NBA PM: Austin Rivers Would Play for Doc, Celtics
Austin Rivers’ decision to leave Duke for the NBA may have caught some by surprise, but after the initial shock wore off, basketball fans naturally turned their mind to a pretty obvious question: Could Austin play for his dad, Doc, in Boston?
Remember, the Celtics have two first-round picks in 2012: their own and the Los Angeles Clippers’, which they received as part of the Kendrick Perkins trade with the Oklahoma City Thunder.
As of Friday, that would like leave the Celtics picking 18th and 24th, which might be too late to acquire the highly rated Rivers, who, at 6-4, is seen as a high-volume scorer and an above-average athlete.
Boston president Danny Ainge could always package the picks in a trade if he were so inclined to move up in the draft. But would Austin even want to play for his dad?
“If that was to happen, I would love to,” Rivers said WEEI’s “Dennis & Callahan,” as quoted by ESPNBoston.com “I would love to play for any organization in the NBA. That’s my dream. It would be great. It would be different. It would be an interesting aspect just to play for my dad.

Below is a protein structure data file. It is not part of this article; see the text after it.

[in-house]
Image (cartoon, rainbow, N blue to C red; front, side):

“If I’m messing up, I want him to be hard on me,” Rivers said, after admitting he has never played for his dad at any level. “If I’m doing good, I want him to pat me on the back. That’s the way he coaches… However he coaches (Rajon) Rondo or Kevin Garnett or Avery Bradley or any other player on that team, I want him to coach me. I don’t want anything handed to me. I never have my whole life. I would have to mature and accept that responsibility. That’s one of the things you look forward to when you decide to go pro.”
The interesting thing is, Rivers has pretty much grown up in the Celtics locker room. Even though he’s lived in Florida and now Durham, NC while his dad has coached the Celtics for the last eight years, Austin is already very familiar with Garnett, Paul Pierce and Ray Allen, all of whom teased him over his decision to attend Duke.
“They always tease my dad,” Austin told HOOPSWORLD last year around the time that he decided to join the Blue Devils. “Paul [Pierce] said Kansas. Kansas was one of my finals [options]. Rasheed [Wallace], when he played for [the Celtics] hated me because he went to North Carolina. It’s all fun and games, but they still tease my dad about Duke because Duke is the most-hated team in college basketball. To me, it’s the best school though.”
Rivers finished his freshman year averaging 15.4 points per game on a 43.6% clip from the field. If he’s going to play shooting guard, there will be concerns about his height, but fortunately Rivers is athletic enough to overcome a lot of obstacles.
The real question will be on the defensive end. If he’s able to compensate for his size with quickness and aggression he’ll be able to survive in the NBA, and just maybe get a pat on the back from Doc.
Tobias Harris Losing Minutes for the Bucks
The Milwaukee Bucks are battling the New York Knicks for the eighth and final seed in the Eastern Conference Playoffs, which isn’t exactly the perfect opportunity for 19-year-old combo forward Tobias Harris to cut his teeth in the NBA.